Windows - 1996
Description of MissionForce: CyberStorm Windows
One of the best giant robot strategy games ever made, bar none.
MissionForce: Cyberstorm from Dynamix is a hex-based, top-down, turn-based wargame set in the same universe as Earthsiege, an earlier Dynamix classic. You control a fleet of mechanized robots called "Hercs", waging war against the Cybrids. Games Domain says it all about this sadly overlooked classic:
"... the player's task in life is to take command of a fleet of Hercs and joust with the dreaded Cybrids, accumulating fame and fortune along the way. It's not all blood and guts though (especially as presumably the Cybrids don't come equipped with either). The budding Cybrid-slayer will have to do a lot of figure juggling and book cooking before he ventures onto the battlefield.
When the player starts their career they are given two basic Hercs and two low grade bioderms to pilot them. What the hell's a bioderm? you may well ask. Well it seems that clever old humanity realized that there was little point in putting their own lives on the line by climbing into a Herc and heading off to battle when they now had the capability to create artificial creatures capable of doing as good or better a job as man so they created the bioderms. These roll your own entities are what steers your precious Hercs into battle and so it pays to look after them.
As the player accumulates money, they can afford to spend more cash on their bioderm. Each type of bioderm has its own set of attributes, things like how well it can pilot a Herc, handle various types of weapons and command other bioderms. Another important factor is how long lived the bioderm is for even without your so called tactical mastery guiding it along, bioderms have a strictly limited lifespan.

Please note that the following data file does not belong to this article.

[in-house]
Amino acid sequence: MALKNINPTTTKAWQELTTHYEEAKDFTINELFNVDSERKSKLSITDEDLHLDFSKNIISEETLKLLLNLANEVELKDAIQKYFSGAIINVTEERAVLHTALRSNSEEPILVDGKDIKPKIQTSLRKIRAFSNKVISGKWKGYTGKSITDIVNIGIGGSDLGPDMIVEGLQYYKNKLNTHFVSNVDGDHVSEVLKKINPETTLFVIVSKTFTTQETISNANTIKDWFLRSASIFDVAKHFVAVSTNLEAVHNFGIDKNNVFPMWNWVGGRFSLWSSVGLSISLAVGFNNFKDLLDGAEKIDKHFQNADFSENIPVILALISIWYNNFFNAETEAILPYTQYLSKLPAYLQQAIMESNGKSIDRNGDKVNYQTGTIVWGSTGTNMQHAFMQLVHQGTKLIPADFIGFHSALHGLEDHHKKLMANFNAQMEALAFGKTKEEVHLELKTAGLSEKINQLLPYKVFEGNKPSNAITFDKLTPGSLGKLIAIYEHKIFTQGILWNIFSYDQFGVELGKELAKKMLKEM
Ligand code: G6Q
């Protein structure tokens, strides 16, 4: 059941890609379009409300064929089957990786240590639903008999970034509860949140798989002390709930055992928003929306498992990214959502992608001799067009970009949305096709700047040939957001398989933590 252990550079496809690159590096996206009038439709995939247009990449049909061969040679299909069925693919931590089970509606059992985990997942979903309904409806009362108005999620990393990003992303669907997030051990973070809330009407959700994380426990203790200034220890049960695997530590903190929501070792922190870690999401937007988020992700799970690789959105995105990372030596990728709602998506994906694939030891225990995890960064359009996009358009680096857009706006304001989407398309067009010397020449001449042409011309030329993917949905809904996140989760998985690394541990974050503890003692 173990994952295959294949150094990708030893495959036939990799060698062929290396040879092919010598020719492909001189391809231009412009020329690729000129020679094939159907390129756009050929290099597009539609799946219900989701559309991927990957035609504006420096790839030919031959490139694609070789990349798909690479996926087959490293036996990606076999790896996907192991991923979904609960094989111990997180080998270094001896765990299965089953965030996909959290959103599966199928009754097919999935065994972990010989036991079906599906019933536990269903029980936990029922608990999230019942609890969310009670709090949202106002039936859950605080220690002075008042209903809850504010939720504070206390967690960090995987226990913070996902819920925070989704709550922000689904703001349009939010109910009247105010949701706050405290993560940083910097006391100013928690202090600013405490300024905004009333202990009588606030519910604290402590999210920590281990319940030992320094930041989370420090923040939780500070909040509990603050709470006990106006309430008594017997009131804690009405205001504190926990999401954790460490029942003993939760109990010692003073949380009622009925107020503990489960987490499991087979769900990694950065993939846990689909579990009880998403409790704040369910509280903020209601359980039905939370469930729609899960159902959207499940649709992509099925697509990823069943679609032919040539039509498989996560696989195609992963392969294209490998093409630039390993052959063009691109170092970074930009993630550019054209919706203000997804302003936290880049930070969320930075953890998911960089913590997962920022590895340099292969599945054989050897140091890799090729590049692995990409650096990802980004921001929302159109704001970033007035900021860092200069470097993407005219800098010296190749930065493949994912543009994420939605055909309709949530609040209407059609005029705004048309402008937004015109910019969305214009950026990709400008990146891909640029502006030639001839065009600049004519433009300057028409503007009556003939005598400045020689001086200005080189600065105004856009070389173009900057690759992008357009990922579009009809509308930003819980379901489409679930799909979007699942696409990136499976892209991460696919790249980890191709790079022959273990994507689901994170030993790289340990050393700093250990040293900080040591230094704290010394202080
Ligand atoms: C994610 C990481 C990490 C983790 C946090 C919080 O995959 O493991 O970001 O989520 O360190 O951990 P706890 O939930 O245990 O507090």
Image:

The perceptive reader will have by now realized that without credits to upgrade their Hercs and bioderms, they are going to get nowhere in this game. How can they lay their hands on large amounts of gelt? Basically, by completing missions. At any one time, there are nine missions available to the player. Four of these are mining missions, fairly profitable and not dangerous. Then there are four military missions, more dangerous but more lucrative.
Finally, there is the Cyberstorm version of the end of level monster. This mission is a real bastard but if you complete it, you will have cleared the Cybrids from this particular solar system and can go on to the next one. There are three solar systems altogether. [The] gameplay during the missions is quick and easy. Thought has obviously been put into controlling the level of difficulty of the game by such artifacts as limiting the amount of Hercs the player can own and gradually introducing new types of Herc and technology as the game progresses. There is plenty of scope for variation in individual battles as well.
A Herc's capabilities will be determined by the gravity of the world the battle is taking place on (affecting movement and range of weapons), the type of terrain the battle is fought on (providing cover and once more affecting movement) and the worlds electromagnetic field which can severely reduce the lifespan of bioderms and the effect of energy weapons. On some worlds, this effect can even make energy weapons useless requiring a quick visit to ye olde machine gunne emporium. Even replaying missions is not the drag it might be because the battlefields are generated randomly each time a mission is played."